Demodex gatoi mite PCR test for cats
dog and cat assay data sheet
Demodex gatoi mites (mange) in cats
- Ultrasensitive qualitative detection of
Demodex gatoi mites in cats by real time polymerase
Demodectic mange (demodicosis) is an inflammatory skin condition caused
by Demodex mites that cannot
be easily detected by naked eye. Two different species of
Demodex mite (Demodex gatoi
and Demodex cati) can cause
mange in cats. (Recently, a third species of feline
Demodex mite has been
identified, but it is unclear whether this third species also causes
mange.) These feline Demodex
species have distinct genotypes and do not cluster in one genetic
D. cati in several respects.
D. cati is a long, thin mite
that lives inside hair follicles, while
D. gatoi has a distinctive
stubby appearance and instead dwells in the keratin layer of the
epidermis. D. cati is
considered a normal resident of feline skin; localized
D. cati infection is usually
self-limiting and does not necessarily indicate an underlying cause.
If a D. cati infection
becomes more generalized, it may indicate underlying immunosuppression
that is allowing the mite to multiply uncontrolled. Therefore when
generalized D. cati
infection is seen, testing for feline leukemia virus, feline
immunodeficiency virus, or other immunosuppressive conditions should
be considered. Generalized D.
cati infection may also be associated with medications that
suppress the immune system.
D. gatoi however is not a
normal commensal on domestic cats, and specific treatment is often
required to eliminate D. gatoi
infection and avoid spreading it to other cats. Cats infected with
D. gatoi will develop symptoms such as extreme itchiness; hair loss
around the eyes, head, neck and flank; and in some cases, skin
lesions. D. gatoi is easily
spread between cats in a household or at cat shows.
Many cats infected with D. gatoi
develop symptoms that are clinically indistinguishable from allergic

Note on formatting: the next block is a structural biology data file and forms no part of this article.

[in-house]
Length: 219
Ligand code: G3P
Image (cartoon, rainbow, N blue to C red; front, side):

skin disease; thus D. gatoi
should be considered in the differential diagnosis when cats are
suspected of having allergic skin disease. Some cats infected with
D. gatoi can be asymptomatic carriers, spreading the infection to
other cats. Therefore all cats that have had contact with an affected
cat should also be tested.
Microscopic morphological examination of hair samples, skin scrapings or
feces is sometimes attempted for diagnosis of
Demodex mites. However, morphological differentiation between
D. gatoi and
D. cati is not easy and misdiagnosis frequently happens. On the
other hand, detection and differentiation of these mite species by
polymerase chain reaction is fast, specific and sensitive (Frank et
Help confirm the disease causing agent
Shorten the time required to confirm a clinical diagnosis of
Demodex gatoi mange in
Help ensure that households and catteries are free of this mite
Help prevent the spread of Demodex
gatoi mites between cats at shows
Minimize human exposure to this mite
Inform the design of an appropriate treatment regimen for affected cats
Frank, L.A., Kania, S.A., Chung, K. and Brahmbhatt, R. (2013). A
molecular technique for the detection and differentiation of
Demodex mites on cats. Vet.
Swab or sterile toothbrush run deeply through
hair and against skin for at least 30 seconds, or environmental
surface swab, or skin
scraping, or skin lesion swab.
Contact Zoologix if advice is needed to determine an appropriate specimen type for a specific diagnostic application. For specimen types not listed here, please contact Zoologix to confirm specimen acceptability and shipping instructions.
For all specimen types, if there will be a delay in shipping, or
during very warm weather, refrigerate specimens until shipped and ship
with a cold pack unless more stringent shipping requirements are
specified. Frozen specimens should be shipped so as to remain frozen
in transit. See
shipping instructions for more information.
Turnaround time: 2 business days
Qualitative real time PCR
Normal range: Nondetected